• 28 million Kenyans live in areas where they are at risk of contracting malaria.
  • Malaria costs Kenya up to 10 billion shillings annually. 
  • 108,127 pregnant women were diagnosed with malaria in 2012.

Q. Any challenges in this pursuit?

Developing vaccines is a complex, time consuming and an expensive affair. Secondly, it is delivering vaccines where they are needed the most. Also we still hear of cases that a child taken to a clinic with a fever and immediately it is assumed that they have malaria. Sadly, we end up losing a lot of these children and even mothers because we did not treat them with the right medicines.

Q. Recently, PATH released 10 innovations geared on addressing maternal mortality and the lives of children. They seek to address issues of post-delivery bleeding, high blood pressure, infections in new born as well as contraceptives. What prompted this move?

Our commitment is to contribute directly to maternal and infant health by reducing morbidity and deaths as spelled out in the Millennium Development Goals five and four. Therefore these 10 innovations are our approaches to address these concerns. However, we have not done enough as an organization in this compared to children health but we are striving to make a difference. As we know that mothers take care of their children and not themselves.

Children die from diseases such as pneumonia, diarrhea and rotavirus. The ten innovations will have an immediate impact on these leading killers of women and children particular in developing nations.

For instance one of the innovations is the Non-pneumatic anti shock garment which will slow excessive bleeding after childbirth and stabilize the mother.

The innovations have already available and used in Zambia, Malawi and Tanzania in Africa and in India in Asia. They are not yet available on scale the scale we need but the East Africa region is in the plans.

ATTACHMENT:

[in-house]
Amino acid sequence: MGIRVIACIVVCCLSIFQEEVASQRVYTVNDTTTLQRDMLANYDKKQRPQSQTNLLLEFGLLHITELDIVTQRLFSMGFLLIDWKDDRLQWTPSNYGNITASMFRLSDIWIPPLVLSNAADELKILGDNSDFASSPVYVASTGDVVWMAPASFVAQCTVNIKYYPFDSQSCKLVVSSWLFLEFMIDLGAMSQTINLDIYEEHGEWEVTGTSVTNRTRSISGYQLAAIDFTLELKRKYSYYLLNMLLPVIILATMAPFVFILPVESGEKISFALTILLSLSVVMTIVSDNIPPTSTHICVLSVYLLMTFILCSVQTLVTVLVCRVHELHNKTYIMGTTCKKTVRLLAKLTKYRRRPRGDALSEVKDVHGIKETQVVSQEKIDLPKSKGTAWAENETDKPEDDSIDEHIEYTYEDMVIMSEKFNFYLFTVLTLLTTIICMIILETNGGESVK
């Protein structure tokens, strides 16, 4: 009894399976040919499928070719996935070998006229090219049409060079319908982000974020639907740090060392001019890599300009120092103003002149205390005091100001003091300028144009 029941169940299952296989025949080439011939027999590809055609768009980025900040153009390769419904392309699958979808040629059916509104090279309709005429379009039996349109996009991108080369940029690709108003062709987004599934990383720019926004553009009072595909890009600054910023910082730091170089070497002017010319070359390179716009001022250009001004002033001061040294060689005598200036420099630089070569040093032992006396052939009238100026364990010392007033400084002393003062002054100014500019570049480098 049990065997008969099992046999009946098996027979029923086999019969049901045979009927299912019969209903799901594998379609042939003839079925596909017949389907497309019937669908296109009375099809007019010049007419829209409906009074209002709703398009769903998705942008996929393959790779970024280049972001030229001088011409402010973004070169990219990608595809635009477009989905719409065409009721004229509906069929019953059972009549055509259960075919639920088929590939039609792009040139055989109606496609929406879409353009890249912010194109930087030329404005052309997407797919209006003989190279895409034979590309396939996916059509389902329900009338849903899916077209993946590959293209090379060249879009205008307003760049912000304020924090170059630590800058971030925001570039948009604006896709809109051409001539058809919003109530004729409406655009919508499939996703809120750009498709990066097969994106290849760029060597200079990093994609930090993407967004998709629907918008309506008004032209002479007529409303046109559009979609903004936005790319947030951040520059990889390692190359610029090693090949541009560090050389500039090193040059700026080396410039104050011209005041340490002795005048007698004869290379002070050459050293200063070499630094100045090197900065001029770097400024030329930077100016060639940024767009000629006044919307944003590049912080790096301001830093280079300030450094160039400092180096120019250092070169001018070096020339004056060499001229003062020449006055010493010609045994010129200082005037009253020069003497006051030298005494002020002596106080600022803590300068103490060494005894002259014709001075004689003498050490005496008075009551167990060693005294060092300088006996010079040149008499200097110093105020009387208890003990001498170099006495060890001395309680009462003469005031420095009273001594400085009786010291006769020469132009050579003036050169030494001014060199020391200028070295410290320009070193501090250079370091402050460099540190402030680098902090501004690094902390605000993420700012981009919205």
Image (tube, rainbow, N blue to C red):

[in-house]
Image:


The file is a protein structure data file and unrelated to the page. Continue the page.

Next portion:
Q. Recently Save the Children, the independent organisation for children, released a report on maternal health dubbed Surviving the First Day: State of the World’s Mothers 2013”. It ranked Finland, Sweden and Norway champions of maternal and infant health while Sierra Leone, Somalia and the Democratic Republic of the Congo at the rear. What can we learn from this discrepancy?

One, these findings show there is a close link between health and poverty. Place in DRC getting basic requirement is an issue as there lacks institutional grounding for matters of health due to years of conflict, this disable the ability to reach to people who need health services. Finland is a rich country with a solid social integrated system on health coverage. Also, it has a relatively ‘small’ and uniformed population. In fact a vaccine campaign in Norway will be more successful than one in India where it is a mixed populace.

Utility on Maternal and Child Mortality:

  • Every day, approximately 800 women die from preventable causes related to pregnancy and childbirth.
  • 99% of all maternal deaths occur in developing countries.
  • Maternal mortality is higher in women living in rural areas and among poorer communities.
  • Young adolescents face a higher risk of complications and death as a result of pregnancy than older women.
  • More than one million babies around the world die on the day they are born each year. Nearly 3 million die within the first month.
  • Between 1990 and 2010, maternal mortality worldwide dropped by almost 50%

Q. Parting word to young innovators in Kenya?

Your country needs your creativity, your ideas and your fresh outlook to life. If you have an idea, say in health, go for it and do not give up. We can learn from you as there are more opportunities not than in the past. However, know about your Intellectual Property rights to protect your innovation.

Q. Other than the pursuit for health equity what else do you enjoy doing?

I like to travel, hanging out with my son, reading, playing the piano, participate in marathons, skiing, and writing.

Q. Memorable event in your work?

One that comes to mind, it was recently actually, I was in Congo for a week where we had set up night-time HIV/Aids testing in a part of Lubumbashi, (southeastern part of DRC) on a seedy slum, frequented by commercial sex workers and whose HIV infections are pretty high. So there were a lot of people who preferred this cover of darkness to get tested and counseled instead of walking into a similar facility during the day for fear of stigma. So this woman comes to get tested and I am a few meters from the tent she goes for the test. Minutes later she comes out rejoicing and she finds me there and she is jumping up and down and hugging me.

She is elated as her partner has the HIV virus (but have been having protected sex) and she had been too scared to get tested, but when she did on that day, she found out she was HIV negative. She promised to kill a white chicken in thanksgiving for narrowly escaping ’death’.

Thank you Steve Davis for the time and great insight.